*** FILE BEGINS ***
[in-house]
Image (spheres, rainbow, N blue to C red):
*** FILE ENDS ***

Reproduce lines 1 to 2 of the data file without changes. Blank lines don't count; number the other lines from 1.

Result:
[in-house]
Image (spheres, rainbow, N blue to C red):